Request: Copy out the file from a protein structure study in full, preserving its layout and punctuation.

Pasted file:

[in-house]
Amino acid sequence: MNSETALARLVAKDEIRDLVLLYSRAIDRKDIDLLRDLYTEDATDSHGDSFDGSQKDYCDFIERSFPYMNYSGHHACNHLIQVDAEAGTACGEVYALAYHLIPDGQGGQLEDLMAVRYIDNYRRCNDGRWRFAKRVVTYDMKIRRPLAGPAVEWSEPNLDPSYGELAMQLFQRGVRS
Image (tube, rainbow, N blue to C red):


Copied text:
[in-house]
Amino acid sequence: MNSETALARLVAKDEIRDLVLLYSRAIDRKDIDLLRDLYTEDATDSHGDSFDGSQKDYCDFIERSFPYMNYSGHHACNHLIQVDAEAGTACGEVYALAYHLIPDGQGGQLEDLMAVRYIDNYRRCNDGRWRFAKRVVTYDMKIRRPLAGPAVEWSEPNLDPSYGELAMQLFQRGVRS
Image (tube, rainbow, N blue to C red):